ELT Methodology
| Elena Gourgouli - 16 Apr 2023

Language acquisition through story-telling: how reading and listening to stories can achieve language fluency

Language acquisition can be acquired through a variety of teaching strategies and materials. The purpose of this paper is to demonstrate a promising and fast-growing method in language acquisition, the story-telling method. Storytelling is one of the oldest and most widespread methods of communication around the world spreading rapidly in the educational environment as means of reaching fluency in the target language. The primary goal of this paper is to explore the benefits of reading and listening to stories and the various ways that this method leads to further development, language awareness, and fluency in the target language. Activities that focus on this approach are Focus on Meaning tasks (FoM), which aim to learn grammar and vocabulary unconsciously through context.

According to authors, storytelling in literature is a cultural and social activity achieved by sharing stories through embellishment, improvisation, or theatrics. These stories are shared differently from culture to culture as means of entertainment, instilling moral values, cultural preservation, and education; a fable is an ideal example of a fictitious story that can teach a moral lesson (Sherman, 2008). Storytelling acts as an activity that passes information from one person to another or from one generation to another (McDrury& Alterio, 2003). Listening to stories and reading them aloud grows learners’, and significantly young learners’ knowledge and awareness of literature, thus their place in the world (Dr. M. Bamkin, 2016).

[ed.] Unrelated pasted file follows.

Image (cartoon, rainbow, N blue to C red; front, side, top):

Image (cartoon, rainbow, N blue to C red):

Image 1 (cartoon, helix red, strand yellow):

Storytelling and play

Storytelling in combination with play can act as an important instrument for perceiving children’s world by incorporating learning into a kind of activity. Based on Haven (2007) an effectual manner of instruction and narration is storytelling. “Stories struggle to infiltrate the normal flow of education” (p.4). Tannen (1989) asserts that children when they listen and read stories create images in their minds, hence assisting in better comprehension and more enduring memory than simply memorization of facts or rules. This is in line with the Schema Theory by Anderson which implies that reading or listening to stories or texts evoke memories of the reader or listeners’ background leading to a better understanding of the story or the text respectively. It is asserted that learners, and especially young learners, by incorporating play into learning are highly able to manage any section of their lives that is formed by the play (Garvey, 1977; 1990; Paley, 1992; 1997; 2001;2004; Corsaro, 1997; 2003). The reason for this is that it is regarded as the first independent activity that is assumed as their own (Hakkarainen, 1990; 1999). Furthermore, storytelling through play is an activity that promotes other skills as it forms the Zone of Proximal Development(ZPD), (Vygotsky 1979).

The benefits of storytelling in education are:

  • to engage learners to participate actively in the language learning process: Stories are an early genre of discourse that children learn to speak in public (Michaels, 1991)
  • to further development of vocabulary: stories often act as an early writing form (Sulzby, 1985).
  • To encourage learners to speak English (Slattery & Willis, 2001).